Just to add to what Sharkey was saying, it's important to disconnect your shocks, your sway bar links, your brake lines from their frame mounts, up front, the track bar from the axle and the ABS lines from their retainers on the knuckles and, if you have an auto or a 2012 or newer JK, disconnect the front drive shaft at the pinion. If you do all this, you should have no problems lowering your axle to the point where your factory coils literally fall out. You should even have plenty of room to get 4" lift coils in without too much fuss. I have done this a ton of times. If you do not disconnect all these things, it can be a bit tough to get your new coils in.

Thank you, this is the confidence I was looking for, coming for the experts who have done this type of work MANY times before.

Canvas JK
01-19-2014, 08:41 PM
I went with a 2.5 inch lift right after I got my JKU. I went with the Pro-Comp 2.5 inch coil and shock lift and regretted it. I then installed the EVO plush ride 3 inch coils. The ride is superb as Canvas is my DD. I have LoD front and rear bumpers and sliders and a Waren Zeon winch upfront. My total height I measured on the front fenders is right at 37 inches. The extra 1/2 inch did not affect as much as I thought it would.

I would highly recommend taking a ride in Jeeps with other springs installed so you can gage just what you like. If you were in Florida you would be more than welcome to see how Canvas drives. research so you are not repeating what happened to me and spending money twice.

R/
Will

webejeepin
01-20-2014, 03:06 AM
^I will continue my homework here on the various coil options. Not too many rides and events this time of the year to find out or even go for a ride in other Jeeps with coils I'm looking for. Good idea, and thanks for the offer...ya Florida is a bit of a drive for me...maybe worth it sounds like we are headed back into the deep freeze for a few more days. :grayno:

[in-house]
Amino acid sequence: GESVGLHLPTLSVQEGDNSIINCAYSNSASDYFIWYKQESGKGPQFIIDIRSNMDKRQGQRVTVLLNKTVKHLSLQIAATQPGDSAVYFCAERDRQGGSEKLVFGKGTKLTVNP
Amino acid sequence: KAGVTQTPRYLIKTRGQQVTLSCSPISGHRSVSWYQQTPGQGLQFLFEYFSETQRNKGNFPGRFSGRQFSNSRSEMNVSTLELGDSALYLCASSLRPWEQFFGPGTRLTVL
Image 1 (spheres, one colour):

Hooligan
01-21-2014, 01:29 AM
I just installed 3" plush rides on Friday. Wasnt too difficult. The ride is very nice. Previous pro-crap springs and shocks were terrible. Follow advice above and take it slow.

wayoflife
01-21-2014, 01:48 AM
I just installed 3" plush rides on Friday. Wasnt too difficult. The ride is very nice. Previous pro-crap springs and shocks were terrible. Follow advice above and take it slow.

LOL!! Glad to hear it. I keep telling people what a difference they will feel in their ride just by changing out their coils from what they have to a set of Plush Rides. :cool:

JayKay
01-21-2014, 02:05 AM
LOL!! Glad to hear it. I keep telling people what a difference they will feel in their ride just by changing out their coils from what they have to a set of Plush Rides. :cool:

I'm still confused on what height plush rides I would need if switching from 3.5" Rough Country coils. 3" or 4", running 35s?

wayoflife
01-21-2014, 02:15 AM
I'm still confused on what height plush rides I would need if switching from 3.5" Rough Country coils. 3" or 4", running 35s?